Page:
I live on the bank of the Deschutes River. In this stretch of about a block, the river divides two distinct sides of our city, the east and the west. The riverbank is a public space open for everyone. But people do not always agree on how to best spend a hot summer day.

Davis Park is on the East side of the river. It has the perfect combination of shade and privacy for people to hang out, let loose. Teenagers used to come here to make-out, or drink some beers. Now, on hot days, it’s where many go to cool off, including the ‘down-and-out.’

On the West side of the river, where I live, things like birding, jogging, and swimming are the norm. It is a different kind of park over here.

I am riding along with Officer Marc Tisher as he patrols his beat of more than 50 city parks. We stop at an intersection and I see two tanned guys chilling at a bus stop. Tisher rolls his window down and gets their attention.

I recognize the men. For the past two summers, these two have often made Davis Park their daytime home. In a way, they have come to represent the character of the park. “You guys been keeping Davis Park clean for me?” Officer Tisher asks them.

“Yeah,” Matt, one of the men answers in an upbeat, friendly voice, “We’re going to the rapids. So meet us down there.”

Tisher laughs and says, “Alright. Are you guys going to body surf it today?”

Matt replies, “It’s eighty, I might get wet.”

It’s a light hearted moment of laughter on a hot summer day.

For years though, Davis Park’s shenanigans went un-policed, so Davis Park has become the place, which all cities and towns have, where local customs are at odds with city laws. But about a year ago, the parks department proposed building a bridge between the two sides. That got people’s attention on my block.

Paul Stell is the Natural Resources Manager for the Bend Parks and Recreation District. He says they’ve tried most everything to enforce local laws and regulations in city parks. The Parks Department even got rid of the park rangers, “Because they did not have full authority,” Stell says, “because they couldn’t make citations or arrest or you know, carry a fire-arm and take care of business.”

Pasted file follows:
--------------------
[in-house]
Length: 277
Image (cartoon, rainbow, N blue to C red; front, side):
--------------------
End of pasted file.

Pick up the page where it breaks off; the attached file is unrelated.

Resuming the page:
Now there’s a parks cop. That’s who you met earlier, Officer Tisher.

The increased law enforcement, Stell says, is necessary because city parks still serve a critical function. “On a hot summer day it’s a great place for anybody. They can be there from when the park opens ‘til the park close. And if they don’t have any other place to be that’s a good place to be but there are rules and we need to follow the rules. That’s the only issue.”

Here in Bend the rules are basic; no criminal activity, no endangering the peace and safety of others, no drinking alcohol or possessing an open container without a proper permit. If people can agree to this, Stell says, those living close to city parks have an obligation to “let it be” for the entire public.

“Living next to a park is a commitment,” Stell says, laughing.

Stell does not finish his thought. But I know what he means. Residents have no control over public land bordering their property. And there is a steady flow of different people and habits.

On my block, some homeowners, want to project their idea of how the other side of the river should be. People on the West side engage the police like my neighbor, who I’ll call Sam. She didn’t want her real name used. “You know, we tried to figure out how to solve this problem.”

I ask, “What problem?”

“The problem,” Sam says, “of unhealthy and unsafe behavior dominating a small community park.”

Sam says a group of men show up around ten each morning in Davis Park.  They claim a picnic table and spend all day there, drinking and smoking. “And that would happen every sunny day,” Sam says. “Two people would come and secure that picnic table. The hotter it was, the earlier they’d come. So that they’d make sure they had it for the whole day.”

I ask Sam what she means by ‘unhealthy.’

“Unhealthy is open container drinking,” she says, “people getting so intoxicated or high on something that they’re yelling at people in the park and across the river, including children.”

Marion Davidson lives across the street from Sam. She’s another block matriarch. She also wishes Davis Park felt less menacing. But says she still likes it here, “There’s a wildness about living next to moving water the voice of god as the Old Testament says. The sound of water, is… I forget but you can look it up.”

Marion says people in Davis Park should be more discrete. “Being part of the community, if you are going to drink, you should do it surreptitiously rather than out in the open and not get so drunk that you yell at people and cause a disruption. I mean it’s against the law having an open container in a park I do believe.”

Marion is a retired lawyer. She spent decades representing people like those across the river. But the way she says that, ‘it’s against the law,’ it’s an easy way to make a grey situation black and white. We all do it. So I push her to give me a sense of how she feels about it on a human level.

“You know what I was thinking about was when I went to college?” Marion asks me as she prepares a summertime meal. “We studied the contract philosophers; Locke, Barclay, and Hume. And the problem with Davis Park is there are some folks that really don’t have any reason. They’re homeless and down-and-out. Sound like having issues with drink and drugs and so they have no reason to abide by the rules of the community. So there is no social contract. So the question becomes well how do you enforce laws with people like that?”

“My name is Chris Clouart, Managing Director of the Bethlehem Inn, Central Oregon’s largest shelter serving men, women and families.”